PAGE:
Wing point approach
The pterional approach is often used to remove craniopharyngiomas. This approach has two advantages. One is that neurosurgeons are particularly familiar with this approach, and the other is that it is the shortest access to the parasaddle space. This approach often requires removal of the anterior clinoid process to completely remove the tumor. It provides neurosurgeons with more exposure to the outside of the tumor rather than to the front, and most tumors are removed in the optic chiasm-internal carotid artery space. In addition, this approach can reveal tumors on the side of the surgical approach.
The subtemporal approach is mainly used to remove a unilateral tumor occupying the posterior part of the optic chiasm. Those who believe that the use of the subfrontal approach to remove the optic cross and tumor will damage the visual organs promoted the development of this approach.
When craniopharyngioma is located in the saddle, with or without growth on the saddle, the transsphenoidal approach can often be used. For tumors that grow below the sella septum, if the sphenoid sinus is gasified normally, this is the best surgical approach. In a case group of craniopharyngioma, which is predominantly adult, the percentage of patients treated with transsphenoidal approach first is 25%-60%.
Prefrontal cortical fistula approach
Craniopharyngiomas that enter the ventral area of the third ventricle and cause non-communicating hydrocephalus can often be removed by upper surgery. Make a small parasagittal craniectomy just in front of the coronal suture. After removing a small part of the cortex in the middle frontal gyrus, it can enter the ventricular system. Small-scale cortical resection reduces the risk of postoperative epilepsy, and this surgical approach can theoretically reduce the possibility of vein damage. In addition, this kind of human path will also reduce the possibility of memory loss.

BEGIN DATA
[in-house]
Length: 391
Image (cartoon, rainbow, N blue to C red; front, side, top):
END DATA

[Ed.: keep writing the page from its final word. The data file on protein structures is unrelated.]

Via hydrazine callosum
Unlike the transcortical approach, a standard transhydrazine callosal approach can also be used. After entering the lateral ventricle, the lateral anatomical relationship between the hypothalamic striatal vein and the choroid plexus can be located by neurosurgeons. The tumor can then be removed from the lateral ventricle and the third ventricle. When the interventricular foramina is so small that the tumor cannot be removed, the interfornix fissure or choroidal fissure can be opened to maximize the exposure of the third ventricle.
Stereotactic tumor decompression
In many cases, we will encounter craniopharyngiomas whose main manifestations are cysts. Decompression of these huge cystic tumors can be used as a preliminary or final treatment. This method often quickly alleviates the patient’s symptoms, such as visual impairment, hypothalamic hypofunction, and increased intracranial pressure.
We can simply put the catheter into the tumor sac through the ventricular system, and then connect the catheter to a collection sac. When the cyst is decompressed, the solid part of the tumor can be removed.
Because most of the sac fluid will recur within two months, the final surgical resection is usually performed within 4 weeks of intra-sac decompression.
Other options include: repeated puncture and drainage after clinical or imaging evidence suggests recurrence, and the use of a connecting tube inside and outside the capsule for intraluminal radiotherapy or chemotherapy.
(source:internet, reference only)